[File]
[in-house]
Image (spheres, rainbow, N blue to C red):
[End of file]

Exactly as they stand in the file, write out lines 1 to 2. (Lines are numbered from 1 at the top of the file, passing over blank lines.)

[in-house]
Image (spheres, rainbow, N blue to C red):